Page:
Study: Black Teenage Pregnancy Rates Drop Dramatically

Unwanted pregnancies among African-American youth are down by 51 percent.

It’s not often that we hear good news when it comes to the reproductive health of Black teenagers. But a recent study conducted by the Centers for Disease Control and Prevention (CDC) gives us just that. It found that teen pregnancy has dropped dramatically among Black teens.

Researchers from the CDC found that between the years 1999-2009 unplanned pregnancy rates among African-American teens dropped by a whopping 51 percent and 40 percent for Latinos.

Why the decline?

"Research suggests that more teens are delaying initiating sex, waiting longer to have sex," said Rachel Jones, a senior research associate with the Guttmacher Institute, who was not associated with the study, wrote CNN.Com. Jones added, "More teens are using more contraceptives and using more effective methods of contraception."

This study also found that abortion rates were at an all-time low dropping a little more than 30 percent.  

What’s ironic is that despite these signs of progress, the public believes otherwise. A recent survey conducted by the National Campaign to Prevent Teen and Unintended Pregnancy found that nearly half of Americans thought teen pregnancy was getting worse over the years, says the Washington Post.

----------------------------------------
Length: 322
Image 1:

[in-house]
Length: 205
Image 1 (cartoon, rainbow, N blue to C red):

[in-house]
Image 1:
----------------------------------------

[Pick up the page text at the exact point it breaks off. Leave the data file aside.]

One thing to keep in mind though: While this recent news is optimistic, the racial disparity gap is still steep. Teen pregnancy rates among African-Americans and Latinos are almost double those of their white counterparts. When it comes to abortion, our rates our still the highest: 31.8 abortions per 1,000 Black women aged 15–44 years and 90 percent of those women were single.

Obviously, there is more to do. Perhaps Obamacare, given that it requires insurance plans to cover all FDA-approved forms of birth control for women, could get us greater access to the contraception that we need.

Learn more about forms and methods here.

BET Health News - We go beyond the music and entertainment world to bring you important medical information and health-related tips of special relevance to Blacks in the U.S. and around the world. Click here to subscribe to our newsletter. 

(Photo: Heather Charles/Chicago Tribune/MCT /Landov)

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